Daily Archives: May 21, 2009

A Brief, Incomplete, and Mostly Wrong History of Programming Languages

Alex Cruise (who is obsessed with Scala) sent me this awesome history of programming post by James Iry.

I think my favorite entry is this one:

1972 – Dennis Ritchie invents a powerful gun that shoots both forward and backward simultaneously. Not satisfied with the number of deaths and permanent maimings from that invention he invents C and Unix.

I really found the time line interesting. I honestly wouldn’t have guessed Ruby was that old. Everyone thinks of the 70s as such a fertile time in language development (everyone who was anyone came up with a language), but we easily forget the important milestones in the 50s. Half a century later we are still dealing with some of the decisions made in this time.


Recent eBizQ Posts

Lately I’ve been participating in Peter Schooff’s excellent SOA forum on eBizQ. Here are a collection of my recent responses to questions on the forum, in no particular order:

My general profile is here, which will include new commentary.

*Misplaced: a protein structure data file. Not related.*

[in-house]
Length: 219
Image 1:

eBizQ Forum Question: What Do You Believe is the Biggest Inhibitor Today to SOA Adoption?

My thoughts are here.

The Web 2.0 Uniform

Web 2.0 is (in priority order):

  • A conference
  • A handful of technology
  • All that social stuff
  • A look

One thing I noticed by suddenly engaging with all of those things like Twitter that I actively avoided in the past is that they are all surprisingly usable (WordPress included–this is good stuff). In the last year I’ve really begun to re-evaluate JavaScript and what you can realistically do with it. And I have to admit that the mix of JavaScript and some Flash is a pretty powerful combination (I’ve been playing with Flash charting packages a lot).

Here’s a great summary of some of the leading Web 2.0 looks and UI elements. jQuery continually amazes me.

Lego Architecture Series

When I first started my career at the TRIUMF physics lab I worked with an engineer who did an informal poll of everyone he ever worked with, asking if they played with lego as a child. 100% of his co-workers did.

Lego has been good at going after the adult geek market with kits like X-wing fighters, but despite my obsession with Star Wars when it came out, these never did anything for me. In general the focused kits have never appealed; I’m more of a bucket of bricks guy.

This may change with Lego’s new architecture series. They’re doing Frank Lloyd Wright first. It’s nice to see them branching out. I could see one of these cluttering up my desk…

I wonder if they’ll come up with curved titanium bricks for a Frank Gehry set?